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Why It’s a Really Huge Problem If You Don’t Put Your Kids to Bed Earlier

Why It’s a Really Huge Problem If You Don’t Put Your Kids to Bed Earlier

One of the most difficult parts of parenthood can be getting your child to go to bed. The tantrums, pleading, and crying that kids can indulge in to be able to stay up a little later makes it a hard rule to enforce. However, if you are the kind of parent who is strict about making sure that your little bundle of joy goes to bed with the chickens, then take heart: research has shown that most kids do not go to bed at the proper time — and that this can lead to physical and mental/emotional health problems down the road. Writer Melinda Moyer, writing in Slate, discusses why sleep is so important to a child’s development.

The National Sleep Foundation Survey

The National Sleep Foundation is, as the name suggested, dedicated to the study of sleep — and to the health consequences of not getting enough of it. In a recent survey, the foundation discovered some disturbing news about the sleep habits of American children all over the country. What was found was that :

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  • 50 percent of preschoolers go to sleep after 9 p.m.
  • 64 percent of first through fifth grade children do not go to bed until after 9 p.m., either

This is considered by the foundation to be too late a time to go beddy-bye. And a variety of studies have found that getting enough sleep is an important part of raising healthy, happy children.

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What the Research Shows

So why is it so important to make sure that your child goes to bed early? A number of studies over the years have looked at different answers to this question and here’s what they found:

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  • The National Survey mentioned above found that factors like a child falling asleep on his/her own at an early time was associated with better quality of sleep; factors like a parent being present or a child drinking caffeinated beverages or having a television in their room was associated with poor sleep quality.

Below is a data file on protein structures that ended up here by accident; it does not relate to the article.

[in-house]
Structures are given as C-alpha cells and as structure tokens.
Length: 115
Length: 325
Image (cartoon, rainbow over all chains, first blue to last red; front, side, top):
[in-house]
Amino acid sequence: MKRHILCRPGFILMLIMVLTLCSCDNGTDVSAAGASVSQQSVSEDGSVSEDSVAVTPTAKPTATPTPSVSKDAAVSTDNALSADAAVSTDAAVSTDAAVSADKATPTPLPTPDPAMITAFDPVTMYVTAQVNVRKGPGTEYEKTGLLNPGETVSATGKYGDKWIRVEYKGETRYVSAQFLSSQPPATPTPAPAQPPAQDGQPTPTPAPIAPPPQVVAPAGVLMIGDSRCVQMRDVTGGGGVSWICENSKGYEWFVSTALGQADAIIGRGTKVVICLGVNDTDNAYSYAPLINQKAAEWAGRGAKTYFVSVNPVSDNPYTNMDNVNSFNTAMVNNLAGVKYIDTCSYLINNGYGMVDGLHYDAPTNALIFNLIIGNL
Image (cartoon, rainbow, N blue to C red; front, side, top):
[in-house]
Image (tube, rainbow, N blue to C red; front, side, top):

• Children who have a later bedtime tend to wake up more during the night and are not able to sleep in late enough to make up for this sleep deficit; as a result, they are more likely to be sleep deprived.
  • Children who are sleep-deprived are more likely to be overweight or obese than children who get enough rest.
  • Teens who are getting enough sleep are less likely to have problems with depression and suicidal ideation.
  • School-aged children who had adequate rest as toddlers are less likely to have problems with attention span or aggressive behavior.

In short, sleep deprivation can bring a whole slew of physical and mental/emotional problems for children. That is why the Sleep Foundation recommends that a good sleep routine be as much a part of parenting as diet and exercise in order to promote a child’s health. But how does a parent go about achieving this?

Tips for Helping Your Kids to Sleep Well

If you understanding the importance of giving your child a good night’s sleep, but are not sure how to begin, here are some tips to get you started!

  • Make sure that you put your children to bed at the same time each night and get them up at the same time each morning. This will help their bodies to establish a sleep-wake routine.